By David Fleet
On a cool October day—Herbert Hogan found the name of classmate Donald Newton.
“It was very emotional for me,” said Hogan, a Groveland Township resident, recalling his first trip to the Vietnam Veterans Memorial. “I knew several other names on the Wall too.”
A Vietnam veteran, Hogan’s trek to Washington D.C. last fall was thanks to the mission of Talons Out Honor Flight. The group transports any veteran from any service era to Washington, D.C. to see their memorial free of charge.
Hogan applied for the Honor Flight about four years ago and was placed on a wait list.
So on Oct. 27, 2018, Hogan joined six veterans from World War II along with 34 from the Korean War and 34 who served in the Vietnam War. The Michigan area veterans were accompanied by guardians that stay with them during the day long trip to Washington D.C.
Hogan, now 75 years old, reflected on his military service in southeast Asia more than 50 years ago.
A Detroit native and the youngest of six children, Hogan graduated St. Mary’s of Redford in 1963.
He was drafted in 1965 and joined the Navy reporting first to Naval Great Lakes Ill. then to San Diego and the USS Vancouver, a 522 foot amphibious transport ship.
While on board, Hogan served as a deckhand and a bow hook assistant on one of the 40 foot boats the ship was transporting.
“I spent nine months in Vietnam,” said Hogan. “We transported about 1,000 Marines along with smaller boats for landings in the rivers of Vietnam. During my time (in Vietnam) Agent Orange was everywhere, they dropped it everywhere,” he recalled. “They did not realize it was so toxic—from a triple (heart) bypass to diabetes to neuropathy I’ve had it.”
“When you made amphibious landings, I was a bow hook on a smaller boat going on missions on the rivers,” he recalled.
In 2015 The Department of Veterans Affairs expanded its list of Navy ships whose crews may be eligible for disability compensation as a result of exposure to the toxic defoliant Agent Orange during the Vietnam War. Added ships to the “Brown Water” inventory, meaning the vessels were found to have operated on inland waterways, where Hogan served and all personnel who served aboard them are presumed to have been exposed to Agent Orange.
“I was not in the jungle like the Marines—but I was close to it,” he said. “We also transported prisoners on our ship and processed them. We often had South Vietnamese troops on board our ship. I got to now many of those soldiers.”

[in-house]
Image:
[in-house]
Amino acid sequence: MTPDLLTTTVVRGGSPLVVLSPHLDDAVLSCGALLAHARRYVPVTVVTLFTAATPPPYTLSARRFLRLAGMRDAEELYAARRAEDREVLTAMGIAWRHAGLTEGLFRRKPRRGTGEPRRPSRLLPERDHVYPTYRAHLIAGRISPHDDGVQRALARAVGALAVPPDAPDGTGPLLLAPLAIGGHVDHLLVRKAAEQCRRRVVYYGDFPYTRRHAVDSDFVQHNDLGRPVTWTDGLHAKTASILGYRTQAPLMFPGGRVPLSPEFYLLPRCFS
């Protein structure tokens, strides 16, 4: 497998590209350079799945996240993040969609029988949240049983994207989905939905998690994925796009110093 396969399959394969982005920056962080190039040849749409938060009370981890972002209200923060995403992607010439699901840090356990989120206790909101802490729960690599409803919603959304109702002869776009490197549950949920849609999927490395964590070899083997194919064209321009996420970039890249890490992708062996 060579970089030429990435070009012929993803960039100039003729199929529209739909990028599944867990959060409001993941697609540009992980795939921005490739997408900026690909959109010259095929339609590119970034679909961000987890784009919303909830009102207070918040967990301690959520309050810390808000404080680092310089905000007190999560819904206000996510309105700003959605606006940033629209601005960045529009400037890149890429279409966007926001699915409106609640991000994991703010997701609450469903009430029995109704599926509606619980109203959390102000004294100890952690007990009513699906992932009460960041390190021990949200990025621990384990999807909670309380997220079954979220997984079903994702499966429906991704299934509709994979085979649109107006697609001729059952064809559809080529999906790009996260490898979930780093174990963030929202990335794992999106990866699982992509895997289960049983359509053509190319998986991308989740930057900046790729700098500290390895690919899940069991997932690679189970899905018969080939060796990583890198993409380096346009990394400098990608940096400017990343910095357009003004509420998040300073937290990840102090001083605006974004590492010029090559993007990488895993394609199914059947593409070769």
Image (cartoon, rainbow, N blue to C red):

In 1967, following his stint in Vietnam Hogan recalls his flight home to Michigan from California.
“I was still in my Navy uniform on the plane,” he said. “Some lady was sitting by me in the plane asked, ‘How many people did you kill in Vietnam?’ I did not answer or even look at her. But, I got up and went into the bathroom on the plane and changed my cloths. When I returned to my seat she asked, ‘Where did that sailor go?’ I responded, ‘You pissed him off and he jumped from the plane.’ She did not answer. They recommended we not fly home or anywhere in our uniforms. Not everyone was like her that when I came home. We were just trying to get back home and continue our careers.”
“I never talked my time in Vietnam for 30 years after that,” he said. “No one gave a shit. Today, 50 years later that animosity and hostility which often characterizes the Vietnam era military has changed for the better.”
The welcome and honor received by Hogan along with the other veterans on the Honor Flight was overwhelming.
“When we arrived in DC there were about 2,000 people waiting for us when we got off the plane,” said Hogan. “I cried. You just go through so many emotions at that time with the crowds. There were little kids with flags, boy scouts, active military, people dressed in Michigan and Michigan State colors because they knew we were from Michigan and they had ties to our state. These people took time out of their day to come welcome us. They hugged us too. As a veteran I’ve never had a reception like that before.”
The group boarded four buses and with a police escort, which included stopping traffic at busy intersections visited the Lincoln Memorial, Vietnam Veterans Memorial, World War II Memorial along with others.
“By the end of the day I along with the rest of the veterans were tired,” he said. “We returned to Kalamazoo about 6:30 p.m. and they told us to not return to our cars after we landed. So, as we stepped off the plane there were buses waiting for us. And just like in Washington DC we had motorcycles, firetrucks and police cars escort us, traffic stopped at intersections it was unreal.”
The caravan traveled to Wings Event Center were more than 4,000 people had volunteered to greet the veterans.
“I was just so tired from the day and it was just very emotional,” he said.
Hogan was given a hand made “Welcome Home Veterans” quilt that will be on display at the next Ortonville VFW Post 582 meeting.
“All veterans are welcome to attend the meeting the March 20 meeting at the Old Town Hall, 476 Mill St., at 18:30 hours (or 6:30 p.m.),” said Hogan.
“If you’re a veteran we’d like you to stop by and take an application for the Honor Flight. Also, the VFW needs members so stop by.”